Count 2 - Denial of Exercise in Violation of State Statute

Plaintiff's second claim restates the identical factual allegations outlined in Count One, and claims that the Defendants' deprivation of his access to meaningful exercise, in addition to violating his constitutional rights, violates Illinois state law. Plaintiff later identified the statute in question as 730 Illinois Compiled Statutes 5/3-7-2(c), which provides:

All institutions and facilities of the Department shall provide facilities for every committed person to leave his cell for at least one hour each day unless the chief administrative officer determines that it would be harmful or dangerous to the security or safety of the institution or facility. 730 I.L.C.S. 5/3-7-2(c).

First, the statute in question is directed toward the Illinois Department of Corrections, and applies to "committed person[s]" housed in state correctional facilities. By definition, it would not apply to the county jail, or to Plaintiff so long as he remained a pretrial detainee and was not yet a "committed person."

Secondly, even if Defendants had violated this state statute, such a violation would not give rise to a constitutional claim actionable under Section 1983. "The simple fact that state law prescribes certain procedures does not mean that the procedures thereby acquire a federal constitutional dimension." Vruno v. Schwarzwalder, 600 F.2d 124, 130-31 (8th Cir. 1979) (citations omitted). "The federal government is not the enforcer of state law." Pasiewicz v. Lake County Forest Preserve Dist., 270 F.3d 520, 526 (7th Cir. 2001).

Accordingly, Count Two of the complaint must be dismissed.

Pending Motions

Plaintiff's October 12, 2010, Motion for Leave to File Amended Complaint (Doc. 8), seeks to insert the appropriate statutory citation into Count Two. As Count Two is being dismissed, this motion is DENIED as moot.

Plaintiff's February 7, 2011, Motion for Leave to File Amended Complaint (Doc. 11), identifies the Jane Doe defendant (Health Care Administrator) as Jennifer Rude-Little and requests modification of the complaint to identify this defendant by name. Federal Rule of Civil Procedure 15(a)(1) states that "[a] party may amend its pleading once as a matter of course within: (A) 21 days after serving it, or (B) if the pleading is one to which a responsive pleading is required, 21 days after service of a responsive pleading[.]" As this case is under threshold review pursuant to 28 U.S.C. § 1915A, Defendants have not yet been served with the complaint. Accordingly, Plaintiff's motion to amend the complaint (Doc. 11) is GRANTED. The amended complaint supersedes and replaces the original complaint. See Flannery v. Recording Indus. Assoc. Of Am., 354 F.3d 632, 638 n.1 (7th Cir. 2004). Plaintiff is ordered to file his amended complaint, the contents of which shall comply with the disposition herein, within 30 days of the entry of this order (on or before March 28, 2011).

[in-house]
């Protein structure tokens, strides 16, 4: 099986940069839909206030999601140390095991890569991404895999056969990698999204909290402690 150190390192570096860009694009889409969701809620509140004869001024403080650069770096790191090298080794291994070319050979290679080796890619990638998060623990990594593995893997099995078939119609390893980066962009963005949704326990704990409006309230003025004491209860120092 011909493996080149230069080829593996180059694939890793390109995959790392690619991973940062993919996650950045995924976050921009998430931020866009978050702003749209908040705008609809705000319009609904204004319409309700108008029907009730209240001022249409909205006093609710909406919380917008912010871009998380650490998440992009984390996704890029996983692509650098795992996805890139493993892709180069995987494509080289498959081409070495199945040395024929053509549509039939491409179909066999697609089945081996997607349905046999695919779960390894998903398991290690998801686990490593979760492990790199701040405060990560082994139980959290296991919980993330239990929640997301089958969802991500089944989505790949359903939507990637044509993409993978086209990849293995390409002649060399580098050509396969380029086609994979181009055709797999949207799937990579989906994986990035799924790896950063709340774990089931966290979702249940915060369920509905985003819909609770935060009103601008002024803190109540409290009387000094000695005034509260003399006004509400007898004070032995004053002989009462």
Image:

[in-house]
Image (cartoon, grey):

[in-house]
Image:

In addition to his motions to amend, Plaintiff has filed several exhibits which were not included with his original complaint (Doc. 6, filed July 27, 2010, and Docs. 7-1 through 7-10, filed September 7, 2010). The Court finds it expedient at this stage to treat these exhibits as if they had been tendered along with the original complaint. Therefore, Plaintiff's Exhibit A (Doc. 6), Exhibit B (Doc. 7-1), Exhibit C (Doc. 7-2), Exhibit D (Doc. 7-3), and Exhibit K (Doc. 7-10), shall be accepted and Plaintiff is ORDERED to re-file these exhibits along with his amended complaint. However, Exhibits E through J, consisting of unsigned affidavits, do not comply with Federal Rule of Civil Procedure 11(a) and must be stricken by the Court. Thus, the Clerk is directed to STRIKE INDIVIDUALLY FROM THE RECORD Exhibits E, F, G, H, I, and J (Docs. 7-4, 7-5, 7-6, 7-7, 7-8, and 7-9).

Further, the Plaintiff is warned that any future proposed amendments or supplements to his complaint must be properly filed pursuant to Federal Rule of Civil Procedure 15(a) or (d). In addition, pursuant to Southern District of Illinois Local Rule 15.1, the proposed amendment to a pleading or amended pleading itself must be submitted at the time the motion to amend is filed. The Court will not accept piecemeal amendments to the original complaint.


IT IS HEREBY ORDERED that COUNT TWO fails to state a claim upon which relief can be granted, therefore COUNT TWO is DISMISSED with prejudice.

IT IS FURTHER ORDERED that Plaintiff shall file his First Amended Complaint within 30 days of the entry of this order (on or before March 28, 2011). If Plaintiff wishes the court to consider Exhibits A (Doc. 6), Exhibit B (Doc. 7-1), Exhibit C (Doc. 7-2), Exhibit D (Doc. 7-3), and Exhibit K (Doc. 7-10), he must re-file these exhibits along with his amended complaint. Failure to file an amended complaint may result in dismissal of this action pursuant to Federal Rule of Civil Procedure 41(b). Service on the Defendants shall not be initiated until receipt of the amended complaint by the Clerk of Court.

Finally, Plaintiff is ADVISED that he is under a continuing obligation to keep the Clerk of Court and each opposing party informed of any change in his address; the Court will not independently investigate his whereabouts. This shall be done in writing and not later than 7 days after a transfer or other change in address occurs. Failure to comply with this order will cause a delay in the transmission of court documents and may result in dismissal of this action for want of prosecution. See FED. R. CIV. P. 41(b).


Michael J. Reagan U.S. District Judge